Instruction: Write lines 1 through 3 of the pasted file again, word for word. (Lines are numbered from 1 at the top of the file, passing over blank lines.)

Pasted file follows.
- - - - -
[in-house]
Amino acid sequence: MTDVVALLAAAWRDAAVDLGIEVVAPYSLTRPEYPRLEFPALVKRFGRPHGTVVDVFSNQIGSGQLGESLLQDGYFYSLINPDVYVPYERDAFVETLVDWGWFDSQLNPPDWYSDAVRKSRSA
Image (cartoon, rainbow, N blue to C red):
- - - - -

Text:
[in-house]
Amino acid sequence: MTDVVALLAAAWRDAAVDLGIEVVAPYSLTRPEYPRLEFPALVKRFGRPHGTVVDVFSNQIGSGQLGESLLQDGYFYSLINPDVYVPYERDAFVETLVDWGWFDSQLNPPDWYSDAVRKSRSA
Image (cartoon, rainbow, N blue to C red):